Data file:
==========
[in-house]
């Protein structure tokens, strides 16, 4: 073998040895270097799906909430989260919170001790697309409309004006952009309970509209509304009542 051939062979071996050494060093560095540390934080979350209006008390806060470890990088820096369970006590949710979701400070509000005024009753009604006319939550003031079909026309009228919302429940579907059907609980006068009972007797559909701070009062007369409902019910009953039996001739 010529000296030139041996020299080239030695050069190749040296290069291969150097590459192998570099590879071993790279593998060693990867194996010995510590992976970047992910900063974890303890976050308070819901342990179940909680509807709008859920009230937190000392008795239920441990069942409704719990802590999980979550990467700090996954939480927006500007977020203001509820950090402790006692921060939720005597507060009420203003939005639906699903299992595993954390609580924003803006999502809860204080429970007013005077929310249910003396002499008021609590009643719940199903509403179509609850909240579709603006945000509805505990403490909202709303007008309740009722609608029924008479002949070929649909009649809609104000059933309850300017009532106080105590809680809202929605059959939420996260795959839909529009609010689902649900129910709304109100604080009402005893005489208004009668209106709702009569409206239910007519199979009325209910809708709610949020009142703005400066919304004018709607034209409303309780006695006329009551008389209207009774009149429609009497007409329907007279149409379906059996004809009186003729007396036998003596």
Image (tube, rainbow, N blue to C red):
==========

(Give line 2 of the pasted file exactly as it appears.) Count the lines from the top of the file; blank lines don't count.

């Protein structure tokens, strides 16, 4: 073998040895270097799906909430989260919170001790697309409309004006952009309970509209509304009542 051939062979071996050494060093560095540390934080979350209006008390806060470890990088820096369970006590949710979701400070509000005024009753009604006319939550003031079909026309009228919302429940579907059907609980006068009972007797559909701070009062007369409902019910009953039996001739 010529000296030139041996020299080239030695050069190749040296290069291969150097590459192998570099590879071993790279593998060693990867194996010995510590992976970047992910900063974890303890976050308070819901342990179940909680509807709008859920009230937190000392008795239920441990069942409704719990802590999980979550990467700090996954939480927006500007977020203001509820950090402790006692921060939720005597507060009420203003939005639906699903299992595993954390609580924003803006999502809860204080429970007013005077929310249910003396002499008021609590009643719940199903509403179509609850909240579709603006945000509805505990403490909202709303007008309740009722609608029924008479002949070929649909009649809609104000059933309850300017009532106080105590809680809202929605059959939420996260795959839909529009609010689902649900129910709304109100604080009402005893005489208004009668209106709702009569409206239910007519199979009325209910809708709610949020009142703005400066919304004018709607034209409303309780006695006329009551008389209207009774009149429609009497007409329907007279149409379906059996004809009186003729007396036998003596």